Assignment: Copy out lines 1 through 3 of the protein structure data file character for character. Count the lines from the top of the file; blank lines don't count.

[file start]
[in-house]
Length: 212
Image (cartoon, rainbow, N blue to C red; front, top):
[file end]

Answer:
[in-house]
Length: 212
Image (cartoon, rainbow, N blue to C red; front, top):